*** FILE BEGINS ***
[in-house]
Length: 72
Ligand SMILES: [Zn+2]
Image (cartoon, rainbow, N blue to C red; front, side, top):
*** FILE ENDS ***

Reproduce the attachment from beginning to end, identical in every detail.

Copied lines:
[in-house]
Length: 72
Ligand SMILES: [Zn+2]
Image (cartoon, rainbow, N blue to C red; front, side, top):